Because the truth is in a US one in 40 US startups will become unicorns. If I say this number in conversation, there's a bunch of different people who are responsive to say, Wow, that's a lot. So that means if I invest in 40 companies, I'll have one unicorn out of them. And the truth is, if you get one out of a 40, you're pretty much an average VC.
If you invest, get one unicorn out of 20, then you'll be a top quartile VC. That's a VC mindset is like, I just got 40 invested, I got one unicorn. I'm an average VC. Okay, cool. As a founder, I talk about it and then we laugh, right? We all are founders.
What we say is this, one in 40 sounds about right, because I have seen a lot of failures. I'm sure that my company is going to be one of 40. And at the same point of time, I also know that's probably not true as I'm terrified about it, but I'm aware of all of those two things. And since I'm human, I can keep two things in my mind at the same point of time.
And so the founders are all aware about this and it puts you for the one in 40 chance. What I'll do is I'm going to wait for the companies to become clearer which one, because one in 40 seed stage startups, this is actually a pretty narrow pool because that means they raise a seed capital which is on average half of million dollars to a million dollars.
So there's really quite a select pool if you think about it. So an early employee would be like, well, I would join a company when it raised a seed round. So is only a one in 40 chance versus the founders. You're founding for yourself. Starting right now is by like one in 100 and is a bunch of people who are going to be late employees and are going to be like, Yeah, I'm going to try a company which is like series C, series D and the odds are probably one and two or two and three chance of becoming a unicorn The truth is some of you may say, you know what, yeah, whatever. I don't care. I'll do something else in my life. And that's totally fine. I think just to be aware of it, not everybody's cut out to be in startups, not everybody's cut out to be a marketer in a sense.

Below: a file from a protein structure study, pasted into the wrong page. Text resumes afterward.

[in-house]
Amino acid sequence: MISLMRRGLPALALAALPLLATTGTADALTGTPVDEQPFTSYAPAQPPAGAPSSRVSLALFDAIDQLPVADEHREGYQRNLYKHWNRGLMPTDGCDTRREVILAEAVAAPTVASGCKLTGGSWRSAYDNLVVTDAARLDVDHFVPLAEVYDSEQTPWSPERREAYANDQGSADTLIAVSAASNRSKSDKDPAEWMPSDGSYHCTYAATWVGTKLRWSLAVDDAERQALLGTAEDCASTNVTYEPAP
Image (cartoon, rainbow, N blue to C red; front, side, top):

But it's fine. You're cut out to be something else. You can join a large company. You can be joining a lot, doing a different role. That's totally fine. Just do it. Do whatever you want, whatever you're doing, even a large company, figure it out on your own terms. And the last is when he asked me to give some life advice, I thought, This is a great one.
Naval Ravikant who has a great book “Almanac” by Naval. It is a free book as well. Play long term games with long term people, that's a nice way of saying just be a nice human being and get it done and collaborate and have boundaries, which is that if you are that kind of person, go work for other people who respect your boundaries and do good work.